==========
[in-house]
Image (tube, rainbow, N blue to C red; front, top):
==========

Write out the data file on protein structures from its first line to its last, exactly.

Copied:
[in-house]
Image (tube, rainbow, N blue to C red; front, top):